8

For someone who is shy, interpersonal skills are always a big challenge. It's especially daunting, because there's always an intrapersonal aspect to it, which is generally much harder to overcome than the actual interpersonal issue.

Stack exchange, as a whole, is a lot more hostile of a place than it feels like it was intended to be. The interpersonal / intrapersonal dichotomy issue on Interpersonal SE is a particularly noteworthy example. It's one of the two most friendly SE sites I have been active on, and yet I've seen several people seeking help for their Interpersonal issues get shut down because they had a significant intrapersonal component.

This feels like it's a big problem to this SE, not just for the shy people who are being shut down, but for the SE in general, because the only area where it's really lagging for going prime-time is the questions.

So, what are some tips that people can follow in their questions to enable them to work around the interpersonal issues dealing with the interpersonal SE community? Also, are there any better ways the people who are shutting these questions down could phrase their direction to be more conducive to shy people actually being able to comply with the directions?

Edit:

This is an example of the sort of question that I feel Interpersonal Skills falls really short on due to the Intrapersonal aspect. Sure, the OP here has an intrapersonal issue, but they also have an interpersonal issue, and that interpersonal issue is likely to blow up on them while they work on the intrapersonal issue. There should be a way to help them deal with the interpersonal issue without requiring that the intrapersonal issue get resolved.

Figuring out how to proceed with ones interpersonal issues while one has an ongoing intrapersonal issue that makes it difficult is a very important life skill, and one of the things that I struggle with on a day to day basis. Finding answers to this is a large part of why I spend a lot of time on this site, and it feels like the active people on this site are doing their best to actively avoid dealing with it. Dealing with the intrapersonal issue is important and off topic for the site, and I don't disagree with either of those points, but life goes on relentlessly despite our intrapersonal hangups.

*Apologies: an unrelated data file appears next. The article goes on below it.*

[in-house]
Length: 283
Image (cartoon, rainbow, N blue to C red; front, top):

I realize that this is inserted into this question ungracefully, but I just woke up with the epiphany that this was the sort of question whose handling was what prompted me to feel like I can't actually ask my own questions here. Seeing this question, and having slept on it, I do understand a bit more what it needs to have to be fitting with the site. I do agree that the question is not a good fit as stated, but we should be giving guidance on how to refocus the question rather than just saying "OMG, IntRApersonal issues? Not here! OMG, I can't deal with this!"

I don't have time to give this question the attention it needs to fix it up at just this moment, because life does go on, and I have things I need to do to start my day, but it feels like I need to at least point this stuff out while I can, and then spend time fixing up this question, and fixing up my answer on the reference question to be a proper framing challenge, or otherwise do what I can to explain how it needs to be edited, this evening.

migrated from interpersonal.stackexchange.com Feb 15 at 8:25

This question came from our site for people looking to improve their interpersonal communication skills.

  • I am not familiar with this se, but on other se metas it's fine to discuss things in comments: I think most people here lack structure in their questions. Doesn't have anything to do with them being shy (what ever that means). Not once have I seen a well structured question that was vaguely on topic getting closed. I don't think you can teach people to order their thoughts and reflect on the issues they are having and how to present them in a clear way via comment. This is a fight i have given up long ago (again not in this se). But you can start by adding a more useful word than shy ... – Raditz_35 Feb 16 at 9:52